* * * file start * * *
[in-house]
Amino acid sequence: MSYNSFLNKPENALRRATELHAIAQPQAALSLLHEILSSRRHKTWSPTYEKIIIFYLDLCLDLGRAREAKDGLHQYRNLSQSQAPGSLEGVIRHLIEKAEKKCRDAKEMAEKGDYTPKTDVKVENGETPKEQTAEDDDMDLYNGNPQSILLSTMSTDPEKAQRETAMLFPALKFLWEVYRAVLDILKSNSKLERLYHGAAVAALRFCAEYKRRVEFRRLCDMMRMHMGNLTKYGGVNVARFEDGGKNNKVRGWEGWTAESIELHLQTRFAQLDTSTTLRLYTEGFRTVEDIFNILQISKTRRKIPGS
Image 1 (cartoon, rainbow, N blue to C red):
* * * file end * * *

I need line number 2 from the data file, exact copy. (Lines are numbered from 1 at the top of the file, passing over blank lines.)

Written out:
Amino acid sequence: MSYNSFLNKPENALRRATELHAIAQPQAALSLLHEILSSRRHKTWSPTYEKIIIFYLDLCLDLGRAREAKDGLHQYRNLSQSQAPGSLEGVIRHLIEKAEKKCRDAKEMAEKGDYTPKTDVKVENGETPKEQTAEDDDMDLYNGNPQSILLSTMSTDPEKAQRETAMLFPALKFLWEVYRAVLDILKSNSKLERLYHGAAVAALRFCAEYKRRVEFRRLCDMMRMHMGNLTKYGGVNVARFEDGGKNNKVRGWEGWTAESIELHLQTRFAQLDTSTTLRLYTEGFRTVEDIFNILQISKTRRKIPGS